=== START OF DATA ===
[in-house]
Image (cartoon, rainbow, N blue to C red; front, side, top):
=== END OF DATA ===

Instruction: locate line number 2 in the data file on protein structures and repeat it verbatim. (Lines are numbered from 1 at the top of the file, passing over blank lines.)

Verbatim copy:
Image (cartoon, rainbow, N blue to C red; front, side, top):